16 November 2011

Nalcor’s own studies back NG as Muskrat alternative #nlpoli

According to Nalcor’s final submission to the Canadian Environmental Assessment Agency review panel, the company dismissed natural gas as an alternative source of electricity instead of Muskrat Falls.

This alternative is purely hypothetical, as the current offshore operators have looked into the technical and economic feasibility of transporting and marketing their natural gas reserves and none have identified a viable business case. (page 20)

A Nalcor consultant that was asked to review Nalcor’s decision-making for Muskrat Falls agreed that studying natural gas was a waste of time because there was no commercial natural gas development already in place in the province. 

Purely hypothetical.

Not worth the time to review?

Well, not exactly.

According to documents filed by Nalcor with the public utilities board, the company asked consultants in 2008 to prepare a cost estimate to build a natural gas plant with different capacities.  According to the consultant’s report, the largest of the variants – capable of replacing Holyrood by producing 550 megawatts – would cost between $617 and $633 million.

According to another document tabled by Nalcor with its PUB submission, the company was still reviewing cost options for natural gas generators.  The estimate for a 50 megawatt turbine obtained by Nalcor in 2010 shows that the prices remain comparable to the 2008 study.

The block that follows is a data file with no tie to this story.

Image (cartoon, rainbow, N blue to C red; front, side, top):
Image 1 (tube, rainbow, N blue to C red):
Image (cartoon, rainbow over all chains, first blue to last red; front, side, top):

In Nalcor’s submission to the PUB, the company acknowledges that it studied and then dismissed natural gas as an alternative based on what turn out to be misleading claims about offshore natural gas.

First, Nalcor states that:

To date, no proposal for natural gas development, either export or “landing”, has been submitted  by the offshore operators despite years of technical and economic study. (page 58)

That’s grossly misleading though.  Nalcor officials know that at least one offshore company has expressed an interest in studying the economic feasibility of natural gas development offshore. 

The problem is that in order to assess the economic potential, the company would need to know the provincial government’s natural gas royalty regime. And – despite studying a natural gas regime since the late 1990s and despite a 2007 commitment to finalise the draft natural gas royalty regime contained in the province’s energy plan, the provincial government still hasn’t produced that crucial piece of financial information.

Four years later.

The provincial government still can’t tell offshore companies who want to develop natural gas what it will cost them.

And then the provincial government’s energy company uses the lack of development as justification for Muskrat Falls.

Talk about circular reasoning.

With that convenient bit of information out of the way, Nalcor’s next reason for ignoring gas – the lack of a domestic market in the province – also falls by the wayside.